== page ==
Family Vocabulary Part 4

English Listening Practice Family Vocabulary 4

Advanced ESL listening Practice for Adults Family Vocabulary 4


Welcome to our Daily English Listening Practice with this week’s series:

Family Vocabulary

Are you the oldest in the family? Do you have any kids in high school or in university? We’ll be talking about ways to talk about your kids or your siblings in today’s English Family Vocabulary, enjoy!

Please listen to the audio files for explanations.
Transcripts unavailable.

Notes from the Audio Files

Only Child / the Oldest / the youngest

  • My sister came along: my sister was born
  • Loved her to pieces: loved her very much
  • The oldest: the oldest child in the family
  • The baby: the youngest child in the family, even if they aren’t a baby anymore
  • The youngest: the youngest child in the family
  • 2 years apart: 2 years difference in age
  • Older siblings: older brothers or sisters

How to use it:
“I definitely think that being an only child or being the baby can shape your personality, you get a lot of attention throughout your entire childhood!”
“I was the oldest of my brothers and sisters, and I had to take care of them when my parents went out, so I’ve still got that responsible side to me.”

My Oldest, My youngest

  • My oldest, my youngest, my middle child
  • The baby in the family: the youngest member of the family

How to use it:
“Well my middle child has just left for college, and my oldest just moved in her first apartment in the city. The baby is still my baby! He won’t be going to high school for another two years.”
“My youngest just graduated from high school – it feels like yesterday she was stll a toddler!”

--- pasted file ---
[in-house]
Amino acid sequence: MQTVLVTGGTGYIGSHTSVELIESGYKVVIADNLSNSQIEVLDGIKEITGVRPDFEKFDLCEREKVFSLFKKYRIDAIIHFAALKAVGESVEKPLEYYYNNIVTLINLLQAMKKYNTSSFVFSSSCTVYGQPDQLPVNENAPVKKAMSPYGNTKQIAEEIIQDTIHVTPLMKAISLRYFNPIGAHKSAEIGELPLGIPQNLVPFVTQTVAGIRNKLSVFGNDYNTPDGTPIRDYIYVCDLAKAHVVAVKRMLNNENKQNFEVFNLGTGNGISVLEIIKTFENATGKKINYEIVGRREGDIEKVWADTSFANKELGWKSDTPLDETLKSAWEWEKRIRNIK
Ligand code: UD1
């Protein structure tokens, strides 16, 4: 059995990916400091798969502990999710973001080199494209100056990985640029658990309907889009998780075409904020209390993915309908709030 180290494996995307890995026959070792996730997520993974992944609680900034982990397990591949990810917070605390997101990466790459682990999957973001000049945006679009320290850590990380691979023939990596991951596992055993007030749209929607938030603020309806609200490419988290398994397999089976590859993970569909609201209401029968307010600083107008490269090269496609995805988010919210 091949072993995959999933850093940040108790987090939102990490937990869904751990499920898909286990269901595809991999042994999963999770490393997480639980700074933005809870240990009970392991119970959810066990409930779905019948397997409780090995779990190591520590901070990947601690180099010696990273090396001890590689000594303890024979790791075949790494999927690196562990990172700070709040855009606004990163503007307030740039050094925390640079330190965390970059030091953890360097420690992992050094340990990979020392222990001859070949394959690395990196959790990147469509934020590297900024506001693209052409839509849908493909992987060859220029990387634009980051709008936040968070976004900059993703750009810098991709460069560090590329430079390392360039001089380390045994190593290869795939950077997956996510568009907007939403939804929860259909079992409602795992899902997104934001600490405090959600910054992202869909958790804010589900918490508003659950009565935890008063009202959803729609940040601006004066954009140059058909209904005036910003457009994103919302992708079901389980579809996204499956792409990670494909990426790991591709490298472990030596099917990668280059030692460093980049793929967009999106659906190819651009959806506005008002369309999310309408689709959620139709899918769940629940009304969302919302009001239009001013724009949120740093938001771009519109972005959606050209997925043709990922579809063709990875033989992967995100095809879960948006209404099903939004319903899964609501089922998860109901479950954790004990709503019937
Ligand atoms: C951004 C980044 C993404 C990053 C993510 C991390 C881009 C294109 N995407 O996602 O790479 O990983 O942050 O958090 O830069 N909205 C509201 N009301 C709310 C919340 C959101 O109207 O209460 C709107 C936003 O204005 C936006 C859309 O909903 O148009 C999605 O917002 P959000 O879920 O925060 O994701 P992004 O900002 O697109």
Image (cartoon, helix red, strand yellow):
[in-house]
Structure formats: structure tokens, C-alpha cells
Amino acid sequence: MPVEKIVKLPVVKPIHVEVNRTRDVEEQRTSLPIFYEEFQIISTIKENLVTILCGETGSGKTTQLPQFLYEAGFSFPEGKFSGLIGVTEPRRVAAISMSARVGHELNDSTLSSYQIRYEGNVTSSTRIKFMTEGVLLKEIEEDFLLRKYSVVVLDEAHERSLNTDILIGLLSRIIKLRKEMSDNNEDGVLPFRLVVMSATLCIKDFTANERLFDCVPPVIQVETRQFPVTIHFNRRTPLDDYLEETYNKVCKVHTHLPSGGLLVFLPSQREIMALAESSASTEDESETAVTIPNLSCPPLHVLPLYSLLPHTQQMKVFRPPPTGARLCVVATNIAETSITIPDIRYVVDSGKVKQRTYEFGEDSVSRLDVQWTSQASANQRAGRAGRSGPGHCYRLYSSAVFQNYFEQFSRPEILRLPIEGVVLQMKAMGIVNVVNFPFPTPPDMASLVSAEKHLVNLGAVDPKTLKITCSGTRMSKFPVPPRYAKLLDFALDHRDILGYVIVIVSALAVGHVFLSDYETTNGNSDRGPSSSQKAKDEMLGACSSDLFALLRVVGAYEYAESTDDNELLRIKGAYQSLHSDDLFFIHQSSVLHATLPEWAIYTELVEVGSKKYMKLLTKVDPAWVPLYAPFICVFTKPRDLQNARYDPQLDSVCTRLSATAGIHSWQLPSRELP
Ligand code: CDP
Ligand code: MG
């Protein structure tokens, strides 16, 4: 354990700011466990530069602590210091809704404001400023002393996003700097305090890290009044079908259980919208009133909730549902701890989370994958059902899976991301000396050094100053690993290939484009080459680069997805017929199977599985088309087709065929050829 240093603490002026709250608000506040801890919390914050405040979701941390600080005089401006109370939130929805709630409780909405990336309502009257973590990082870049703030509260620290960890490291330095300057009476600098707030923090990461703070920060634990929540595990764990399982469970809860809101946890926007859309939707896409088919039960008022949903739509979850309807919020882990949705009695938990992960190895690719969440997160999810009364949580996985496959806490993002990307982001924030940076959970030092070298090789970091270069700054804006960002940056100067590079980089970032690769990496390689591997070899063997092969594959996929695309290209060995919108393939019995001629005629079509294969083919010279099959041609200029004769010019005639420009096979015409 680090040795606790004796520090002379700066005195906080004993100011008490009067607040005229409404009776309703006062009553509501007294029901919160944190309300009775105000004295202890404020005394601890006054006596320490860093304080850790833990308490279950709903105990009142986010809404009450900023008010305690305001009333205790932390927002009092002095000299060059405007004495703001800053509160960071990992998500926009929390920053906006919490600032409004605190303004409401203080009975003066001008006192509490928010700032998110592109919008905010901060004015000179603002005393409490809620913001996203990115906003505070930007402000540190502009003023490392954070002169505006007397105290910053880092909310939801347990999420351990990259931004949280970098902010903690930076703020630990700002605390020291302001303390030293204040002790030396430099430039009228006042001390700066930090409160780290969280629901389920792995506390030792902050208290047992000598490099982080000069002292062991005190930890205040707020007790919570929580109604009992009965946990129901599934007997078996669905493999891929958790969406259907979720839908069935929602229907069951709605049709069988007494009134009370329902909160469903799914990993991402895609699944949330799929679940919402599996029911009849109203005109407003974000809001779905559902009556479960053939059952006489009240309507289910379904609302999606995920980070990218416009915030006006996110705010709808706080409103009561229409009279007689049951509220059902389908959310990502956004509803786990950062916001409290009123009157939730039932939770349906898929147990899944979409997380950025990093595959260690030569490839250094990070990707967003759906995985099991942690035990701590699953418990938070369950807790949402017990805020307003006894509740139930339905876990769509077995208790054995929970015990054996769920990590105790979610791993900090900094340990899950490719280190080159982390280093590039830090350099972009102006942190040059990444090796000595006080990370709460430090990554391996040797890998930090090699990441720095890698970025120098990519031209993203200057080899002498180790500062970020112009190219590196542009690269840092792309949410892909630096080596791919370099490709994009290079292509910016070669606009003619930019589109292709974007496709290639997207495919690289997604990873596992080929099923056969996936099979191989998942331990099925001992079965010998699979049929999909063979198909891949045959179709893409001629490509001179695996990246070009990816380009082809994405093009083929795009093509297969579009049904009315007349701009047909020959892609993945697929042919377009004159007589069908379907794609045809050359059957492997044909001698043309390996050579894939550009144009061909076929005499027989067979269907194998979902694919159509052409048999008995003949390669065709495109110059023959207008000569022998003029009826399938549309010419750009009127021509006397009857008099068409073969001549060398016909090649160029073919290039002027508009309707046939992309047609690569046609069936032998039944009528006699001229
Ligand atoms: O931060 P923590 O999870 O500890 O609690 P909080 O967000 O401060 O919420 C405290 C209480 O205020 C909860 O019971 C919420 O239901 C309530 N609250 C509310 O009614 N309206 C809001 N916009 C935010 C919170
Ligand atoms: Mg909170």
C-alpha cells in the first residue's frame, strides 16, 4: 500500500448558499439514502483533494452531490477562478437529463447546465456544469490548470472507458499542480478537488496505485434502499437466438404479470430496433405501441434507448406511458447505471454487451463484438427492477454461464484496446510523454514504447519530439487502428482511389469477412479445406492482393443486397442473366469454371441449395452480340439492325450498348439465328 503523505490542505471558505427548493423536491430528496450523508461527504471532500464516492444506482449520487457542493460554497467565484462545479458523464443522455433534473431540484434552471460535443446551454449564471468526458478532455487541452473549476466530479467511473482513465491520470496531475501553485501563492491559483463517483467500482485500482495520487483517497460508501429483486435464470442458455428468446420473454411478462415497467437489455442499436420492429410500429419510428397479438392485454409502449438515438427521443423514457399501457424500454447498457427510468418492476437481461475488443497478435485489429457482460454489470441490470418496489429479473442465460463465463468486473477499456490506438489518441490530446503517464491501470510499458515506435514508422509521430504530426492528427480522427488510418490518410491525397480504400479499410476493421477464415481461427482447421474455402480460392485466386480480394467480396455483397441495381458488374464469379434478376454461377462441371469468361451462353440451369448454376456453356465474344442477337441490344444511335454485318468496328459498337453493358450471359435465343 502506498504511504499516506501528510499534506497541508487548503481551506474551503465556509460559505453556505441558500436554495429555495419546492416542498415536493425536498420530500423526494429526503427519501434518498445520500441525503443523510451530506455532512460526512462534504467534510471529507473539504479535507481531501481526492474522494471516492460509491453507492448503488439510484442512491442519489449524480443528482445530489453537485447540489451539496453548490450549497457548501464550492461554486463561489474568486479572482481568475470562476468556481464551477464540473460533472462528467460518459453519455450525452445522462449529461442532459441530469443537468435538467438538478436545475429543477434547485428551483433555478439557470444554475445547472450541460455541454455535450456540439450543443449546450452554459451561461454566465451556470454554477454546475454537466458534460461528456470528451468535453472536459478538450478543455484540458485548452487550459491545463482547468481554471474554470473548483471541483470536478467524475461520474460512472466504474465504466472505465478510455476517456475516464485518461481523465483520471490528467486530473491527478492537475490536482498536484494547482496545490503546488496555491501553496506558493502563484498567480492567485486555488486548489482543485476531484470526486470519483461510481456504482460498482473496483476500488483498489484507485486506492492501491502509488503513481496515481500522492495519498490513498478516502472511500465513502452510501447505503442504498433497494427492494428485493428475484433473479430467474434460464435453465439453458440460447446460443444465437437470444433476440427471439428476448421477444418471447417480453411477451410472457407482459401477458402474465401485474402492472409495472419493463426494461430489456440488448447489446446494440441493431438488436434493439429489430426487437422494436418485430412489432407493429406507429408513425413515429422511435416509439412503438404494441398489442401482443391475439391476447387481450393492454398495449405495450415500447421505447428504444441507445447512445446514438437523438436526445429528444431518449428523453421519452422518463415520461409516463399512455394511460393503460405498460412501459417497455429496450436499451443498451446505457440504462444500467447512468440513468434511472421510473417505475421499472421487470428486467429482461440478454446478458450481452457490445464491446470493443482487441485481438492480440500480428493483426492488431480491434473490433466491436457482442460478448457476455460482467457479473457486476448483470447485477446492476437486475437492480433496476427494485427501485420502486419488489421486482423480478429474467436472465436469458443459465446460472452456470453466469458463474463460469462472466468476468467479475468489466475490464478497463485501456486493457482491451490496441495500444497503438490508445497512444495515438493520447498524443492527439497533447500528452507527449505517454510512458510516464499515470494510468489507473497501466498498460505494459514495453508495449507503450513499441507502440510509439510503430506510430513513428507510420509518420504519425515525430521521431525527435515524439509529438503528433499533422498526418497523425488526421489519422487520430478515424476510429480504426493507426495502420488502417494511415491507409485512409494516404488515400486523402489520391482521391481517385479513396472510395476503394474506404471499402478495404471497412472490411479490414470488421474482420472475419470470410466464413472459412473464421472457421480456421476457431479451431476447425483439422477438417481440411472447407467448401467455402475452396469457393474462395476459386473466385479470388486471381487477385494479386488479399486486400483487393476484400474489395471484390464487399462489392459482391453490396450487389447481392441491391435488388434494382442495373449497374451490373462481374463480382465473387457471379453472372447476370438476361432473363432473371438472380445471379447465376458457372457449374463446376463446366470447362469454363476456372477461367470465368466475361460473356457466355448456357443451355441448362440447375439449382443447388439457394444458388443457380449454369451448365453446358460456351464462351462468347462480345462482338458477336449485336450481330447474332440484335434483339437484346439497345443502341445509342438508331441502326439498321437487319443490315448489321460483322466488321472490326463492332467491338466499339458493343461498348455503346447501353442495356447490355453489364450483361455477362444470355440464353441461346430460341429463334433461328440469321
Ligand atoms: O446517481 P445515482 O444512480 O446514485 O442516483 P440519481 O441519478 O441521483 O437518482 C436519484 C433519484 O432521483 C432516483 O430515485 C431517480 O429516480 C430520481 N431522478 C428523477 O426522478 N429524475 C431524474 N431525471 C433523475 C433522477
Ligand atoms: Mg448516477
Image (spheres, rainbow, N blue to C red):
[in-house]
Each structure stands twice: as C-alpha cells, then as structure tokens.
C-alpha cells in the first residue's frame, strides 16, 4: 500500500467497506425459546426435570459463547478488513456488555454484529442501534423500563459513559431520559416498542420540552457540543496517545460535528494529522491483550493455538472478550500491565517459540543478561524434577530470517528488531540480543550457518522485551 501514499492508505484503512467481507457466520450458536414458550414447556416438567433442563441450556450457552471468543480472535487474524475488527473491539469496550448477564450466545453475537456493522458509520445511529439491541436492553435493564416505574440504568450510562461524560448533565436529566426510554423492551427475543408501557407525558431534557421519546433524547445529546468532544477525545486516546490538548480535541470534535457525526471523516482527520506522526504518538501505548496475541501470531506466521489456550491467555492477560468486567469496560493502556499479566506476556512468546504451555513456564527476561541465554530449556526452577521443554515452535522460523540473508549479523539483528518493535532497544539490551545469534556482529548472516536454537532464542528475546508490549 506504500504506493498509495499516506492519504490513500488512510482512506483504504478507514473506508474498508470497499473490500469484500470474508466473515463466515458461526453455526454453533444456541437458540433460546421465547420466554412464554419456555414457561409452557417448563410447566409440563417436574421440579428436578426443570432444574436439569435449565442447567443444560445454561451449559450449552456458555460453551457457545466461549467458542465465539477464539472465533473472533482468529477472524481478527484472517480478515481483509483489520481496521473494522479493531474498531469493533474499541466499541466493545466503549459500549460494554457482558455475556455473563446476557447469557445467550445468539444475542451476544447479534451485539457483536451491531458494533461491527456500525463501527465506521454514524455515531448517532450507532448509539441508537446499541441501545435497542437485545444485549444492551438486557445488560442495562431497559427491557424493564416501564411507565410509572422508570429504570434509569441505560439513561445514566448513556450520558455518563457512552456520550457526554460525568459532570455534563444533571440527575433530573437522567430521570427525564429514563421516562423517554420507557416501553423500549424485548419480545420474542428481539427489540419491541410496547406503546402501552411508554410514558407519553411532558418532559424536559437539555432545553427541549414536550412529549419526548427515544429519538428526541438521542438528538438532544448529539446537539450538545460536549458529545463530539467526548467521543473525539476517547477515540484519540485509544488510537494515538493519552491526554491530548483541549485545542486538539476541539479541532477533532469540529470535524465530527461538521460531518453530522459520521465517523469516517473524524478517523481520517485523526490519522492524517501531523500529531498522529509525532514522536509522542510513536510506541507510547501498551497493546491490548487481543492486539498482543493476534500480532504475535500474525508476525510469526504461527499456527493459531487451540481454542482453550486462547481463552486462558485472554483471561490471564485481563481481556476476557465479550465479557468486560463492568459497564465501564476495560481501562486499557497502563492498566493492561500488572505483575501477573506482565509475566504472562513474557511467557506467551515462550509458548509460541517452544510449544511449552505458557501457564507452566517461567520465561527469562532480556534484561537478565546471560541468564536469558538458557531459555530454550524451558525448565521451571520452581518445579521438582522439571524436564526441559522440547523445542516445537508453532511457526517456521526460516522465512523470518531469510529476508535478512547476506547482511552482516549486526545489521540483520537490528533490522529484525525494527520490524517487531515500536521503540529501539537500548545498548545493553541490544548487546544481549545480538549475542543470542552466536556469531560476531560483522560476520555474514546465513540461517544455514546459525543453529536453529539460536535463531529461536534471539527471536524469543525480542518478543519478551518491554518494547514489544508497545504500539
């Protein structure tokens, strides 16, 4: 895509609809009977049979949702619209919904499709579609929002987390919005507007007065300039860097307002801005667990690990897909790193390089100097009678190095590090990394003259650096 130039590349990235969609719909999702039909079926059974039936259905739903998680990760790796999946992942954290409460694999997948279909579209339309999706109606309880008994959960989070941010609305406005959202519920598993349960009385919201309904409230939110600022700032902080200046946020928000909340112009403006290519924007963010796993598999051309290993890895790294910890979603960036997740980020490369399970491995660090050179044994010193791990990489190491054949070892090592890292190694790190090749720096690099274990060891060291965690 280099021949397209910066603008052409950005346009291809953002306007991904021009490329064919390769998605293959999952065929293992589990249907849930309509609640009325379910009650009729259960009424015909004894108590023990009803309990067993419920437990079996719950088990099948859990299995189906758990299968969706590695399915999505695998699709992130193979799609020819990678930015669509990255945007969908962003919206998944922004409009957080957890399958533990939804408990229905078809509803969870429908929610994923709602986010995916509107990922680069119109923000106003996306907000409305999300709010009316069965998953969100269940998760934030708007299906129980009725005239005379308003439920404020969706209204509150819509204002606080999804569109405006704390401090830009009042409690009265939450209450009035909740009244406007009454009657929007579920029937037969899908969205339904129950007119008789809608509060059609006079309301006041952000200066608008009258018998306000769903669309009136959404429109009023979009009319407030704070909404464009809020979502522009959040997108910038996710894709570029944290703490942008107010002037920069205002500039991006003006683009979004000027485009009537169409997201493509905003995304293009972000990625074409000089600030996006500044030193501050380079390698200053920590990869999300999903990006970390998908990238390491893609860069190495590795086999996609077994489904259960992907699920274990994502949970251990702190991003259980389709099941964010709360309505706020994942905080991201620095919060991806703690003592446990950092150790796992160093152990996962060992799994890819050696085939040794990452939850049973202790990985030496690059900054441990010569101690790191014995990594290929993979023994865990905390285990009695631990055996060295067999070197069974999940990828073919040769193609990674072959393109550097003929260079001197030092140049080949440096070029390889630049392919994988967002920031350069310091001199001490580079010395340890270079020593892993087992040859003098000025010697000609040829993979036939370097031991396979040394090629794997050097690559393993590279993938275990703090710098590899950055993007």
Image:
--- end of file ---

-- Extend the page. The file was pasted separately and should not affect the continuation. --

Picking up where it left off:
3 under 3, twins, triplets

  • In rapid succession: very quickly in a row
  • 3 under 3: 3 children under 3 years old
    • 4 under 5; 2 under 2
    • Usually only used for young children as they’re harder to take care of
  • I’ve nannied for: I’ve been a nanny for a family
  • Surge: a spike or quick increase
  • Twins: two babies born at the same time
  • Triplets: 3 babies born at the same time
  • In vitro / IVF: in vitro fertilization: a fertility process parents go through to have a baby
  • Sets of twins/triplets: a set of babies, 2 or 3
  • Identical twins: two boys who look exactly the same or two girls
  • Fraternal twins: babies born at the same time, may not look similiar

How to use it:
“When we were in college, we weren’t really interested in having kids, but now he’s got two under two and he’s the ultimate “family man”.”
“Did you hear about Lisa and Jamie? She had triplets! They’re already looking for a bigger house.”

Teenagers/ In High School / In College

  • Teenagers: between 13 and 19
  • Moody: quickly changing emotions, usually negative
  • Slamming doors: closing doors very hard
  • Pheromones, hormones: chemicals in the body that change when you become a teenager
  • Puberty: the change your body goes through from a child to an adult
  • 2 kids in college, 2 kids in uni: UK
  • 2 kids in high school, 2 kids in college: USA

How to use it:
“I can’t imagine what it was like to have 3 teenagers in the house at the same time, now that the last two are in college, I’m sure their parents are ready for some peace and quiet.”
“Now her two kids are both teenagers, and she said they spend most of their time in their bedrooms ignoring each other.”

Empty Nest, Out of the house

  • Flown the coop: a coop is a chicken house, left the house
  • Empty-nesters: the parents who live in the empty house after their kids leave
  • Had a blast: had a fun time
  • Abseiling down a building: similar to rappel, using a rope to go down the side of something, like a building or a large rock
  • More of a pain than a joy: more of an inconvenience to have around than a pleasure

How to use it:
“The moment she left for college, they sold the house in the city and moved to the country. Rather than be empty-nesters in a big house, they moved and started a new life. I think they’d been secretly planning it for years!”
“I felt bad leaving for university because it meant my mum now had an empty-nest. She totally embraced it though, and she’s enjoying herself more now that she doesn’t have to spend money on me!”


Do you have any siblings? Were you ever the baby in the family? If any of the vocabulary is giving you trouble, let us know in the comments below!

Thanks,

Kat and Mark

 

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